Zen meditation for Pain from Science Daily

Discussion in 'Spirituality/Worship' started by Rafiki, Apr 7, 2009.

  1. Rafiki

    Rafiki New Member

    ScienceDaily (Feb. 6, 2009) — Zen meditation – a centuries-old practice that can provide mental, physical and emotional balance – may reduce pain according to Université de Montréal researchers. A new study in the January edition of Psychosomatic Medicine reports that Zen meditators have lower pain sensitivity both in and out of a meditative state compared to non-meditators.

    Joshua A. Grant, a doctoral student in the Department of Physiology, co-authored the paper with Pierre Rainville, a professor and researcher at the Université de Montréal and it's affiliated Institut universitaire de gériatrie de Montréal. The main goal of their study was to examine whether trained meditators perceived pain differently than non-meditators.

    "While previous studies have shown that teaching chronic pain patients to meditate is beneficial, very few studies have looked at pain processing in healthy, highly trained meditators. This study was a first step in determining how or why meditation might influence pain perception." says Grant.

    For this study, the scientists recruited 13 Zen meditators with a minimum of 1,000 hours of practice to undergo a pain test and contrasted their reaction with 13 non-meditators. Subjects included 10 women and 16 men between the ages of 22 to 56.

    The administered pain test was simple: A thermal heat source, a computer controlled heating plate, was pressed against the calves of subjects intermittently at varying temperatures. Heat levels began at 43 degrees Celsius and went to a maximum of 53 degrees Celsius depending on each participant's sensitivity. While quite a few of the meditators tolerated the maximum temperature, all control subjects were well below 53 degrees Celsius.
    Grant and Rainville noticed a marked difference in how their two test groups reacted to pain testing – Zen meditators had much lower pain sensitivity (even without meditating) compared to non-meditators. During the meditation-like conditions it appeared meditators further reduced their pain partly through slower breathing: 12 breaths per minute versus an average of 15 breaths for non-meditators.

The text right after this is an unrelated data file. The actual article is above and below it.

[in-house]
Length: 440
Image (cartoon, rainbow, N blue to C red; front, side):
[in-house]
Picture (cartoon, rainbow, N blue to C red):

"Slower breathing certainly coincided with reduced pain and may influence pain by keeping the body in a relaxed state." says Grant. "While previous studies have found that the emotional aspects of pain are influenced by meditation, we found that the sensation itself, as well as the emotional response, is different in meditators."

    The ultimate result? Zen meditators experienced an 18 percent reduction in pain intensity. "If meditation can change the way someone feels pain, thereby reducing the amount of pain medication required for an ailment, that would be clearly beneficial," says Grant.

  2. Debra49659

    Debra49659 New Member

    I told my doctor yesterday in fact that through my therapist she was putting together a small group of 4 chronic pain patients. Together we would be working on mindfulness. He said that was terrific. He said "treating chronic pain is treating your mind, body and soul".

    Wise man my doctor!!

  3. Rafiki

    Rafiki New Member

    All the studies on mindfulness meditation, and other forms of meditation, yield very interesting results regarding actual changes in the way the brain processes things.

    Fascinating stuff!

  4. vivian53

    vivian53 Member

    What a handy tool this is. Our pain centers are of course in our minds so it makes sense that if we slow down and thereby interfere with the pain signal we will feel better.

    It works for me.

    Deb you certainly do have a wise doctor, let us know how the group progresses will you?